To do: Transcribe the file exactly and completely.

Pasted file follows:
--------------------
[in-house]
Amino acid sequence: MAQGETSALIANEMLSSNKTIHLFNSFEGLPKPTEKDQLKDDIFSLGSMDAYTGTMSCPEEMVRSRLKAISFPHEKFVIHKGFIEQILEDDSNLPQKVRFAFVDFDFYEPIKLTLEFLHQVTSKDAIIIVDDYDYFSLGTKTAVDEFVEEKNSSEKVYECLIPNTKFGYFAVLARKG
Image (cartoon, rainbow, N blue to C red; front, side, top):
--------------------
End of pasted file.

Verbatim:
[in-house]
Amino acid sequence: MAQGETSALIANEMLSSNKTIHLFNSFEGLPKPTEKDQLKDDIFSLGSMDAYTGTMSCPEEMVRSRLKAISFPHEKFVIHKGFIEQILEDDSNLPQKVRFAFVDFDFYEPIKLTLEFLHQVTSKDAIIIVDDYDYFSLGTKTAVDEFVEEKNSSEKVYECLIPNTKFGYFAVLARKG
Image (cartoon, rainbow, N blue to C red; front, side, top):